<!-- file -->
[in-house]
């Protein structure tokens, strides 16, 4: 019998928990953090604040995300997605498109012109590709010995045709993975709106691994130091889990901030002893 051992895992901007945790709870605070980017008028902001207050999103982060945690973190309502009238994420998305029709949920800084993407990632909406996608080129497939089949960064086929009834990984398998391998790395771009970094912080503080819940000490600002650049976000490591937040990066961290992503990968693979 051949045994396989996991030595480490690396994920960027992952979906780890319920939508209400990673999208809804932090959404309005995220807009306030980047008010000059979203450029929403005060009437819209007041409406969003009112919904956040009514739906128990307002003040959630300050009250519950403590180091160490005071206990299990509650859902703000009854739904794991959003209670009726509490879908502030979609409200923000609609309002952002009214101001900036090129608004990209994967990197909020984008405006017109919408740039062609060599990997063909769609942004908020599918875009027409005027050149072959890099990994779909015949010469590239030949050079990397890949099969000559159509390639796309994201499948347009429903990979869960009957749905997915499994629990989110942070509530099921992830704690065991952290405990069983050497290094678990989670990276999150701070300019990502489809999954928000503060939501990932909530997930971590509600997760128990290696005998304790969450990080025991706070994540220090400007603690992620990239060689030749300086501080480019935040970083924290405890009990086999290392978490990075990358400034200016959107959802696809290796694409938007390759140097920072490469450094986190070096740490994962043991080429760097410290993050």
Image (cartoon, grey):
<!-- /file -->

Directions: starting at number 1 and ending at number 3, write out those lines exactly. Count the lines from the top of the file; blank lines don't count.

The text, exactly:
[in-house]
């Protein structure tokens, strides 16, 4: 019998928990953090604040995300997605498109012109590709010995045709993975709106691994130091889990901030002893 051992895992901007945790709870605070980017008028902001207050999103982060945690973190309502009238994420998305029709949920800084993407990632909406996608080129497939089949960064086929009834990984398998391998790395771009970094912080503080819940000490600002650049976000490591937040990066961290992503990968693979 051949045994396989996991030595480490690396994920960027992952979906780890319920939508209400990673999208809804932090959404309005995220807009306030980047008010000059979203450029929403005060009437819209007041409406969003009112919904956040009514739906128990307002003040959630300050009250519950403590180091160490005071206990299990509650859902703000009854739904794991959003209670009726509490879908502030979609409200923000609609309002952002009214101001900036090129608004990209994967990197909020984008405006017109919408740039062609060599990997063909769609942004908020599918875009027409005027050149072959890099990994779909015949010469590239030949050079990397890949099969000559159509390639796309994201499948347009429903990979869960009957749905997915499994629990989110942070509530099921992830704690065991952290405990069983050497290094678990989670990276999150701070300019990502489809999954928000503060939501990932909530997930971590509600997760128990290696005998304790969450990080025991706070994540220090400007603690992620990239060689030749300086501080480019935040970083924290405890009990086999290392978490990075990358400034200016959107959802696809290796694409938007390759140097920072490469450094986190070096740490994962043991080429760097410290993050």
Image (cartoon, grey):